The canonical choice for adversarial search games like you proposed (called two player zero-sum games) is called Minimax search. From wikipedia, the goal of Minimax is to

Minimize the possible loss for a worst case (maximum loss) scenario. Alternatively, it can be thought of as maximizing the minimum gain.

Hence, it is called minimax, or maximin. Essentially you build a tree of `Max`

and `Min`

levels, where the nodes each have a branching factor equal to the number of possible actions at each turn, 4 in your case. Each level corresponds to one of the player's turns, and the tree extends until the end of the game, allowing you to search for the **optimal** choice at each turn, assuming the opponent is playing *optimally* as well. If your opponent is not playing optimally, you will only score better. Essentially, at each node you simulate *every possible game* and choose the best action for the current turn.

If it seems like generating all possible games would take a long time, you are correct, it's an exponential complexity algorithm. From here you would want to investigate alpha-beta pruning, which essentially allows you to eliminate some of the possible games you are enumerating based on the values you have found so far, and is a fairly simple modification of minimax. This solution will still be **optimal**. I defer to the wikipedia article for further explanation.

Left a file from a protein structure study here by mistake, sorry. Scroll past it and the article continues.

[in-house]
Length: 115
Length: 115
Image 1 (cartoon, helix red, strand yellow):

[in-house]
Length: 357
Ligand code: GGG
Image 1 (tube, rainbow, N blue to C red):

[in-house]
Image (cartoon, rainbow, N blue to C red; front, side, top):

From there, you would want to experiment with different heuristics for eliminating nodes, which could prune the tree of a significant number of nodes to traverse, however do note that eliminating nodes via heuristics will potentially produce a **sub-optimal**, but still **good** solution depending on your heuristic. One common tactic is to limit the depth of the search tree, essentially you search maybe 5 moves ahead to determine the best current move, using an estimate of each player's score at 5 moves ahead. Once again, this is a heuristic you could tweak. Something like simply calculating the score of the game as if it ended on that turn might suffice, and is definitely a good starting point.

Finally, for the nodes where probability is concerned, there is a slight modification of Minimax called Expectiminimax that essentially takes care of probability by adding a "third" player that chooses the random choice for you. The nodes for this third player take the expected value of the random event as their value.